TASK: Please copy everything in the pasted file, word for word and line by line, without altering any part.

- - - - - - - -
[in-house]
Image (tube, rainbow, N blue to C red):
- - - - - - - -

[in-house]
Image (tube, rainbow, N blue to C red):